What we’re going to see is that I think the market, at least from the leadership perspective, where we sit will and that has also softened a bit, but not really gone down. We’re actually up this year, but it’s plateaued a bit more than in recent years. What we’re seeing is that the overall market is gonna open up moving into 2024. We’re a bit of a leading indicator in our business, Matt, and we’ve seen a significant uptick in activity with our client base in recent months.

Matt Alder (5m 4s):
You mentioned there lots of talented people, lots of cash, interesting mix. Are we gonna look back on this particular time and see it as the time that the next big tech companies were started, or at least a time of great innovation that drives the next us next cycle?

Bill Hogenauer (5m 24s):
I would say so, yeah. You’re seeing people who have left their positions either involuntarily or voluntarily and have gone and found ways to raise funding for some pretty significant novel ideas. Those will undoubtedly take advantage of this time to grab other talent that is out there and put together teams that will push those businesses forward.

Matt Alder (5m 54s):
You mentioned the pandemic and how things have been very volatile over the last few years. How have the last three years changed Executive Search? What’s different? How’s it evolving?

Bill Hogenauer (6m 9s):
Look, I think everyone out there understands that Executive Search, in many ways, is a relationship business. You use partners in our space, companies use partners that they trust, that they know, and with whom they’ve had success over the last few years, though clients, even existing clients of ours have become a lot more discerning in their selection criteria. They are looking for specialization, which is something that we, as a firm, have been building over the last, approximately, seven years as we’ve grown from 75 people to more than 200 now.

Bill Hogenauer (6m 57s):
We have focused exclusively on hyper specialization. That’s how I would say our business has changed the most dramatically. What I mean by that is we will recruit board CEO and direct reports to the CEO at the C level primarily for growth-oriented businesses, growth, equity, late stage venture, et cetera. If we can demonstrate to a client that we have a senior level resource because we are a partner led firm, there is a very senior resource focused on every Recruiting job that we see.

Bill Hogenauer (7m 46s):
If we can convince our client that we have someone that focuses, not only in their vertical, but in the function for which we’re searching, it is a much more compelling partner opportunity. For instance, if a client comes to us and says, “We have a business,” this is just an example, “that is in distribution and they’re looking for a head of technology,” we can clearly demonstrate that we have done several heads of technology for distribution tech businesses and demonstrate a competency that will enable us to get what’s key for our client.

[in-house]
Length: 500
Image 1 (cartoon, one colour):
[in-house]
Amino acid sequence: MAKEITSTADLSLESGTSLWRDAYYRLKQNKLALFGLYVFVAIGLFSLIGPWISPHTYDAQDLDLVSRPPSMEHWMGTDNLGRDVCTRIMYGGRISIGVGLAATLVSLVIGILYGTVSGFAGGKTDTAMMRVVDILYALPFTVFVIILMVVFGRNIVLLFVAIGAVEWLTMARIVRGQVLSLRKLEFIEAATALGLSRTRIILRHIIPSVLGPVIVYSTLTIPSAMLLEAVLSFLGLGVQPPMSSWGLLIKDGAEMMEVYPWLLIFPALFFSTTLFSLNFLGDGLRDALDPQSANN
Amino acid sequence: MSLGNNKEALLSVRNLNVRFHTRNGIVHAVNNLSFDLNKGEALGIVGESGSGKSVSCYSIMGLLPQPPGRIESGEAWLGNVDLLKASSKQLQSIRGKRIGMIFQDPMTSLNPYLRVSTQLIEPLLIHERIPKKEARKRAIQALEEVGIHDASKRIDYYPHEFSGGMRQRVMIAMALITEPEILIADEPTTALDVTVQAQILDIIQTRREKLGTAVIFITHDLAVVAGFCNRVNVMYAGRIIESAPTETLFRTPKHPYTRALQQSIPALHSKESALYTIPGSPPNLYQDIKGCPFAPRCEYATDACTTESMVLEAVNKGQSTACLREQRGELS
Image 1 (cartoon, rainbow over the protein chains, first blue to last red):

Bill Hogenauer (8m 31s):
That is out in the market quickly and start having conversations with qualified candidates early in the process to ensure that their vision of this candidate for the role is refined very early in the process in order to stay aligned throughout.

Matt Alder (8m 50s):
You mentioned that Executive Search is all about relationships. Has the way that you communicate and build relationships developed since the pandemic?

Bill Hogenauer (8m 59s):
In some ways, yes. Look, there’s the technology we have these days. The one you and I are on now enables people to connect so much better and in such higher fidelity than it used to video audio. It’s almost like being there, but that is still an almost. There is nothing that will ever replace personal interaction, face-to-face, actually shaking hands, breaking bread, and developing a relationship that goes deeper than the transaction of an Executive Search.

Bill Hogenauer (9m 39s):
What we do has a lasting impact on so many levels for our clients. It’s the stakeholders of the business, the investors, it’s the executives of the business and how they enjoy going to work with each other. It’s the impact on the employees and the employees families. Developing that relationship is extremely important to strengthen the understanding between client and service provider that this is not just a transaction. This is important on far too many levels to be just a deal between two parties.